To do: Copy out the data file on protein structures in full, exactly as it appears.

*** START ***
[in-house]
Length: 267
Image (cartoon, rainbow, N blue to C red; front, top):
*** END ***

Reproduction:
[in-house]
Length: 267
Image (cartoon, rainbow, N blue to C red; front, top):